By Jennifer Garcia
WebMD Health News
April 05, 2017
Antibiotic exposure in early to midlife may increase the risk for colorectal adenoma, the precursor for the majority of colorectal cancers, after age 60 years, a new study has found. These findings were published online April 4 in Gut.
"These data provide additional support for the association of antibiotics with colorectal cancer and the potential mediating role of the gut microbiome in carcinogenesis," Andrew T. Chan, MD, MPH, from Massachusetts General Hospital, Harvard Medical School, and Harvard T. H. Chan School of Public Health, Boston, Massachusetts, and colleagues write.
Using information from the Nurses' Health Study, the researchers evaluated data regarding antibiotic use and subsequent disease outcomes from 16,642 women who were aged 60 years or older in 2004. Their analysis included only women who reported their antibiotic use through age 59 years and who had undergone at least one colonoscopy between 2004 and 2010. Participants in the Nurses' Health Study answered questionnaires every 2 to 4 years to collect data on demographics, lifestyle, nutrition, and medical history.
The researchers identified 1195 cases of adenomas and found that compared with nonusers, women who used antibiotics for 2 months or longer between ages 20 and 39 years were 36% more likely to develop colorectal adenoma (multivariable odds ratio [OR] for adenoma, 1.36; 95% confidence interval [CI], 1.03 - 1.79). Further, women who used antibiotics for 2 months or longer between 40 and 59 years of age were 69% more likely to develop colorectal adenoma (multivariable OR for adenoma, 1.69; 95% CI, 1.24 - 2.31). In both groups, the associations were similar for low-risk vs high-risk adenomas, but were stronger for adenomas located in the proximal colon.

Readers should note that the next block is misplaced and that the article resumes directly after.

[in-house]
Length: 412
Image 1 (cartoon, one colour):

Similarly, women aged 20 to 39 years and 40 to 59 years who used antibiotics for longer than 15 days were 73% more likely to develop colorectal adenoma compared with nonusers (multivariable OR for adenoma, 1.73; 95% CI, 1.19 - 2.51). Interestingly, recent exposure to antibiotics (within 4 years of their colonoscopy) was not associated with an increased risk for colorectal adenoma.
Citing previous studies that have also found a similar association, Dr. Chan and colleagues write: "Our study significantly extends the findings of these prior studies by demonstrating an association of antibiotics with colorectal adenoma and its location, providing additional support that the association of antibiotics with colorectal cancer may be causal."
The researchers acknowledge the limitations of their study such as the lack of information on the effects of specific antimicrobial classes, as well as the possibility for residual confounding because of the observational study design. Further, they note that research to confirm these findings in men and other racial or ethnic groups will be needed.
The authors recognize that the role an altered gut microbiome may play in the development of colorectal neoplasia is still unclear, but note that "[t]he findings, if confirmed by other studies, suggest the potential need to limit the use of antibiotics and sources of inflammation that may drive tumour formation."
Funding for this study was provided by the National Institutes of Health, the Raymond P. Lavietes Foundation, the Project P Fund, the Friends of the Dana-Farber Cancer Institute, the Bennett Family Fund, and the Entertainment Industry Foundation through the National Colorectal Cancer Research Alliance. Dr Chan previously served as a consultant for Bayer Healthcare, Pozen, and Pfizer for work unrelated to this study.